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Big stories of the month 1

LMCs vote to consider mass resignation

GP leaders have voted to survey the profession whether it will support mass resignation if the Government fails to deliver a ‘rescue package’ for general practice within the next six months. In an historic vote, LMCs voted through a motion that calls on the GPC to ‘canvass GPs on their willingness to submit undated resignations’ from July if emergency help is not provided. The motion also instructs the GPC to recommend other actions GPs ‘can undertake without breaching their


GPs told to warn patients of sick note ‘snooping’

GP leaders have said Government plans to extract data relating to Med 3 certificates amounts to ‘state snooping’. Starting this month, the Department

for Work and Pensions (DWP) will extract information from GP records, including the number of Med 3s, or so-called ‘fit notes’, issued by each practice and the number of patients recorded as ‘unfit’ or ‘maybe fit’ for work. GPs will have to inform patients of this, but cannot withhold information unless a patient explicitly objects. CCG-level data will be published

anonymously, but DWP officials told Pulse they will have access to practice-level data, which they will not be able to share. Family Doctor Association chair

Dr Peter Swinyard said: ‘I think that is state snooping’, while GP and data-sharing campaigner Dr Neil Bhatia expressed concern the data would be used to ‘create league tables, name and shame’. • Full story:

contracts’ and to consider a ballot of GPs regarding what services practices could stop offering in order ‘to ensure safe and sustainable care’ for patients. The vote took place at a Special LMC Conference in London last week. • How the GP fightback began, pages 8-10


Rise in surgery closures displaces 200,000 patients

A rapid rise in surgery closures last year saw 200,000 patients forced to register with a new practice or travel further to see their own GP. The Pulse investigation also reveals 31 practices and 41 branch surgeries closed in England as a result of a merger in 2015 – a 40% rise on 2014. Rising workload, funding cuts and a severe shortage of GPs are among the reasons cited by practices. GPC deputy chair Dr Richard Vautrey

said: ‘It’s becoming increasingly difficult for small practices to cope with rising levels of bureaucracy and manage their workload.’

But a Department of Health

spokesperson said: ‘These figures represent less than 1% of the total number of GP practices in England.’ Pulse continues to highlight the issue and push for better emergency support with its Stop Practice Closures campaign. • Rescue teams are too little, too late for struggling practices, page 16

6 February 2016 Pulse 4 5

GMC investigates too many doctors says review lead

The GMC may conduct too many fitness-to-practise (FTP) investigations each year, according to the expert it has appointed to review the FTP process. Professor Louis Appleby cited figures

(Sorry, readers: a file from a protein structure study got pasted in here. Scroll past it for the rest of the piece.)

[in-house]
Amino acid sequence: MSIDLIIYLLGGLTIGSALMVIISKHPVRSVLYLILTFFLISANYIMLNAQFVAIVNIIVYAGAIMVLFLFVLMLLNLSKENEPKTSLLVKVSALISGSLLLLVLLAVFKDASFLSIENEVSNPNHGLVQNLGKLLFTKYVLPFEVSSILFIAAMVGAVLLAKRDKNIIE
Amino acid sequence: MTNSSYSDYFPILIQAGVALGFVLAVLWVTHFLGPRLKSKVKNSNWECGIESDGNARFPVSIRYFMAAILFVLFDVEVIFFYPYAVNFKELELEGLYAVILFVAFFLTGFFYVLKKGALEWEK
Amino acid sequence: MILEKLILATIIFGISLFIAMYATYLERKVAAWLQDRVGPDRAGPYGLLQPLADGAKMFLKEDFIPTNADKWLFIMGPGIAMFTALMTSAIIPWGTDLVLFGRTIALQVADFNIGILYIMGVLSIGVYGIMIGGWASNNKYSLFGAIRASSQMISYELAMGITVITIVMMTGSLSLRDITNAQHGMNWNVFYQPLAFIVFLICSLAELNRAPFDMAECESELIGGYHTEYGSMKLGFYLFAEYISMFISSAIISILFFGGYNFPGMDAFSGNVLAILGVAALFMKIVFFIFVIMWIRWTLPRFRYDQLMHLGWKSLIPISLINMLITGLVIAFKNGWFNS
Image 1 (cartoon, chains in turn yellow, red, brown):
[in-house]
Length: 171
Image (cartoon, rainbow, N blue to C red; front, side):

that show 82% of GMC investigations lead to no sanctions and said the validity of complaints against doctors may need to be assessed more effectively. A review last year said FTP procedures

‘may do more overall harm than good in terms of patient care’. In an exclusive interview with Pulse, Professor Appleby questioned whether the stress caused to doctors facing investigation was adding to the risk of mental health problems. • Big Interview, page 46

Just six physician associates hired for GP practices

A scheme intended to attract 200 physician associates from the US with a salary of £50,000 has made just 35 ‘provisional offers’, of which only six are to work in general practice. The trust leading the scheme said it

was unlikely to meet its target, as it had ‘smaller numbers than envisaged’ when it began the scheme last August. GPs said the scheme was ‘gimmicky’,

and showed the Government had no ‘real commitment’ to workforce development’. • PAs are an unknown quantity, page 34

The big question

What is in Jeremy Hunt’s new ‘package’ for GPs?

The health secretary will announce a ‘package of measures’ to tackle the ‘growing pressures’ on GPs later this month. Having conveniently forgotten

his calamitous ‘new deal’ last year, Jeremy Hunt is once again hoping to build bridges with the profession by doing ‘even more to support the profession’ (whatever that might mean). Mr Hunt said he will discuss the

measures with the RCGP and the GPC and he is expected to provide more details of how the NHS will spend the 4-5% increase in GP funding promised from April. But you could forgive GPs for thinking they had heard all this before. Perhaps Mr Hunt should forget the grand gestures and just listen to grassroots GPs?

Your comments • ‘The 4% each year is NOT additional funding... it’s just keeping up with medical inflation.’ • ‘The extra funding will be spent on employing assistants to the physician and pharmacy assistants.’ • ‘Stop. Just stop. Stop spinning. Stop pretending to listen. Stop claiming to support GPs while acting otherwise.’ • ‘It’s too late. You’ve spoiled my job and my life. Now shove off.’ • Join the discussion at package

What's hot online QOF qualms

A study found practices with a high QOF achievement in certain indicators were more likely to see patients admitted with an adverse drug reaction. As one doctor put it on Twitter: ‘It’s not the QOF that carries you off, it’s the QOFin they carry you off in.’

Strikeout It’s fair to say GP Dr Nick Summerton’s opinion piece saying that ‘striking is something doctors just should not do’ did not strike a chord on the Pulse website. His opinion piece attracted more than 100 comments (most voicing opposition) and was one of the most- read articles on PulseToday last month. But when we last saw him, he remained cheerful, despite being branded ‘the Katie Hopkins of general practice’ #ouch.


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